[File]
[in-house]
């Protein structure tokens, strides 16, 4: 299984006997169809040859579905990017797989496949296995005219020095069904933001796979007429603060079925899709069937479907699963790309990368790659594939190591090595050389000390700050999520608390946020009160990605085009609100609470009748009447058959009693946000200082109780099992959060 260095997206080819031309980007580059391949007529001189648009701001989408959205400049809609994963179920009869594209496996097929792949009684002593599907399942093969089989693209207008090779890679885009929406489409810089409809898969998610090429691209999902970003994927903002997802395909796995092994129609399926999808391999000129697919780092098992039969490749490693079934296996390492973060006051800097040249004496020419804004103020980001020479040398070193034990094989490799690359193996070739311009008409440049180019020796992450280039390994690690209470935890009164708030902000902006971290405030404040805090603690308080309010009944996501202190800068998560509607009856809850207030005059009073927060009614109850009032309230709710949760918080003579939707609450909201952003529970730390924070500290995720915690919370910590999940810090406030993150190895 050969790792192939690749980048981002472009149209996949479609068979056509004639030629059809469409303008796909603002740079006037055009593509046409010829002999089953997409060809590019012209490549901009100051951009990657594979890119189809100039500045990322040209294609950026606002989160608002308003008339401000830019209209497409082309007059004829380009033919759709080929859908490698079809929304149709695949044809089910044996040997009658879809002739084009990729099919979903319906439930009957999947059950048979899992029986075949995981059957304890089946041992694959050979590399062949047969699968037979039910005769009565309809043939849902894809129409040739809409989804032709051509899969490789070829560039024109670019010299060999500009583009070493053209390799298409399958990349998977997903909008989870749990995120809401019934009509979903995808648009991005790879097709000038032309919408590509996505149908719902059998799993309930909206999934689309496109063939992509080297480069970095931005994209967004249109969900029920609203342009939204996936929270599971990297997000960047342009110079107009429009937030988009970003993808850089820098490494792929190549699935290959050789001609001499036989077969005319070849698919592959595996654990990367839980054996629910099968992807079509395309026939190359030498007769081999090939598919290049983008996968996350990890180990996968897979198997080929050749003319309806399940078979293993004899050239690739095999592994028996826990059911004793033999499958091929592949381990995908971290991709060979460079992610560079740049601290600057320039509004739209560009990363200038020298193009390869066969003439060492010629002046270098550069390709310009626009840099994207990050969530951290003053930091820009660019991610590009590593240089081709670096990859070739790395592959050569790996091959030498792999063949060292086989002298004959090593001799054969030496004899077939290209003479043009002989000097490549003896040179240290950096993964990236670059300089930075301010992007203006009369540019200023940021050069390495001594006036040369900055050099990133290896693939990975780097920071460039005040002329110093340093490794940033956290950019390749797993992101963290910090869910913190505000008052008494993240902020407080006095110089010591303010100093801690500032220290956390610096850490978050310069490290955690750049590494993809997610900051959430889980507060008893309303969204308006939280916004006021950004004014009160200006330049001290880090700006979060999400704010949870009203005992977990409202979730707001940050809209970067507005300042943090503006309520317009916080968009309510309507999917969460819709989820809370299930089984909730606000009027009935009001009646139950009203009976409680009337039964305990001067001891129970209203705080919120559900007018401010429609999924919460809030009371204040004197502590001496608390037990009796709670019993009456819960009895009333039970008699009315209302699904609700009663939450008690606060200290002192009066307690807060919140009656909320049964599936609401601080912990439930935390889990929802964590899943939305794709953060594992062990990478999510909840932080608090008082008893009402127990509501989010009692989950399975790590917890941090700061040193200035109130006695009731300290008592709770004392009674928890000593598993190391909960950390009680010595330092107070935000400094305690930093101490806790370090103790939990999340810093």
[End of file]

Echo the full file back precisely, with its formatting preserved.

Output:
[in-house]
């Protein structure tokens, strides 16, 4: 299984006997169809040859579905990017797989496949296995005219020095069904933001796979007429603060079925899709069937479907699963790309990368790659594939190591090595050389000390700050999520608390946020009160990605085009609100609470009748009447058959009693946000200082109780099992959060 260095997206080819031309980007580059391949007529001189648009701001989408959205400049809609994963179920009869594209496996097929792949009684002593599907399942093969089989693209207008090779890679885009929406489409810089409809898969998610090429691209999902970003994927903002997802395909796995092994129609399926999808391999000129697919780092098992039969490749490693079934296996390492973060006051800097040249004496020419804004103020980001020479040398070193034990094989490799690359193996070739311009008409440049180019020796992450280039390994690690209470935890009164708030902000902006971290405030404040805090603690308080309010009944996501202190800068998560509607009856809850207030005059009073927060009614109850009032309230709710949760918080003579939707609450909201952003529970730390924070500290995720915690919370910590999940810090406030993150190895 050969790792192939690749980048981002472009149209996949479609068979056509004639030629059809469409303008796909603002740079006037055009593509046409010829002999089953997409060809590019012209490549901009100051951009990657594979890119189809100039500045990322040209294609950026606002989160608002308003008339401000830019209209497409082309007059004829380009033919759709080929859908490698079809929304149709695949044809089910044996040997009658879809002739084009990729099919979903319906439930009957999947059950048979899992029986075949995981059957304890089946041992694959050979590399062949047969699968037979039910005769009565309809043939849902894809129409040739809409989804032709051509899969490789070829560039024109670019010299060999500009583009070493053209390799298409399958990349998977997903909008989870749990995120809401019934009509979903995808648009991005790879097709000038032309919408590509996505149908719902059998799993309930909206999934689309496109063939992509080297480069970095931005994209967004249109969900029920609203342009939204996936929270599971990297997000960047342009110079107009429009937030988009970003993808850089820098490494792929190549699935290959050789001609001499036989077969005319070849698919592959595996654990990367839980054996629910099968992807079509395309026939190359030498007769081999090939598919290049983008996968996350990890180990996968897979198997080929050749003319309806399940078979293993004899050239690739095999592994028996826990059911004793033999499958091929592949381990995908971290991709060979460079992610560079740049601290600057320039509004739209560009990363200038020298193009390869066969003439060492010629002046270098550069390709310009626009840099994207990050969530951290003053930091820009660019991610590009590593240089081709670096990859070739790395592959050569790996091959030498792999063949060292086989002298004959090593001799054969030496004899077939290209003479043009002989000097490549003896040179240290950096993964990236670059300089930075301010992007203006009369540019200023940021050069390495001594006036040369900055050099990133290896693939990975780097920071460039005040002329110093340093490794940033956290950019390749797993992101963290910090869910913190505000008052008494993240902020407080006095110089010591303010100093801690500032220290956390610096850490978050310069490290955690750049590494993809997610900051959430889980507060008893309303969204308006939280916004006021950004004014009160200006330049001290880090700006979060999400704010949870009203005992977990409202979730707001940050809209970067507005300042943090503006309520317009916080968009309510309507999917969460819709989820809370299930089984909730606000009027009935009001009646139950009203009976409680009337039964305990001067001891129970209203705080919120559900007018401010429609999924919460809030009371204040004197502590001496608390037990009796709670019993009456819960009895009333039970008699009315209302699904609700009663939450008690606060200290002192009066307690807060919140009656909320049964599936609401601080912990439930935390889990929802964590899943939305794709953060594992062990990478999510909840932080608090008082008893009402127990509501989010009692989950399975790590917890941090700061040193200035109130006695009731300290008592709770004392009674928890000593598993190391909960950390009680010595330092107070935000400094305690930093101490806790370090103790939990999340810093």